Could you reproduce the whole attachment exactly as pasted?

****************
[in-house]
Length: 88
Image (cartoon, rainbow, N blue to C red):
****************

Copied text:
[in-house]
Length: 88
Image (cartoon, rainbow, N blue to C red):